The wrist joint comprises eight carpal bones and is the most complex articular system in the human body. Each bone is capable of moving in different degrees or directions dependent on the position, motion, and force generation of the hand in space. Any instability of the wrist caused by an injury can produce disabling symptoms and may lead to debilitating, degenerative arthritis.
Scott W. Wolfe, MD, an orthopedic surgeon at Hospital for Special Surgery (HSS), and co-investigator Joseph (Trey) J. Crisco, PhD, director of bioengineering in the department of orthopedics at the Warren Alpert Medical School, have spent nearly three decades studying wrist kinematics in order to gain a better perception of how to address a degenerative condition referred to as SLAC (scaphoid lunate advanced collapse).
At an American Academy of Orthopaedic Surgeons (AAOS) annual meeting, Wolfe and Crisco received the Kappa Delta Elizabeth Winston Lanier Award for their paper "Kinematics of the Normal and Injured Wrist: The Importance of the Midcarpal Joint."
Medscape spoke with Dr Wolfe to learn more about recent developments in wrist kinematics and arthroplasty.
In an interview at AAOS, you mentioned that there are two "black boxes" of surgical mysteries in the upper limb — carpal instability and brachial plexus injury — and that both of these have been the focus of your research efforts.
That's correct. It's been 30 years since Trey Crisco and I met. We combined our talents to tackle the mysteries of wrist motion, and in particular, this entity called SLAC arthritis. Trey came from a predominantly basic science background in spine. I had a lot of training in wrist injury but noticed that there were many deficiencies in our ability to treat this effectively. Together, we determined that we really needed to understand how the wrist worked and how it moved in order for us to be able to diagnose and treat it better. That was back in 1990.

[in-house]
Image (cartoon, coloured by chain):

As we set out on our journey, we found out that we didn't really have a great way to do that. There were no tools to look at how wrists moved in a living human being, and most of the studies at the time were done on cadavers. Right away, that's a limitation because the muscles aren't working in a cadaver so you don't get the normal forces and so on. So we determined that we were going to develop a technique that would allow us to measure how all of the eight different bones in the wrist moved in a live patient during wrist motions.
We started with two-dimensional studies of wrist motion. It took the better part of 10 years to develop the computer algorithms to be able to detect the contours of all of the small bones that are in the wrist, and then show how they moved both as a unit but also independently of each other. By the end of the first decade, we had published several papers on how the carpus works, how it moves, and what happens in the normal wrist and in the abnormal wrist. We were on the right track, and that was really the first time that anyone had been able to map carpal bone motion in humans.
We began in a very controlled environment with CT, having people move their wrist inside the CT gantry and analyzing how the wrist bone contours moved in relation to each other with our computer algorithms. Our ultimate goal was to be able to do that in three dimensions, visualize the actual bones in 3D, "register" their 3D contours independently, and then precisely track each bone independently in all of its motions, translations, and rotations. That involved using a program similar to one that the Department of Defense uses to track and identify incoming high-speed aircraft. Then we could begin to look at that process in injured patients as well as in normal patients.